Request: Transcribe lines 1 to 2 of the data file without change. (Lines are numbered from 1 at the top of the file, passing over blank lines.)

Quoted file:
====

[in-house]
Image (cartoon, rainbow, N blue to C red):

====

[in-house]
Image (cartoon, rainbow, N blue to C red):